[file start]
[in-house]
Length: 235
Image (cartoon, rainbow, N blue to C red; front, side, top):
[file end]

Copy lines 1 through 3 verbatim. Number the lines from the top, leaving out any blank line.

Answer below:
[in-house]
Length: 235
Image (cartoon, rainbow, N blue to C red; front, side, top):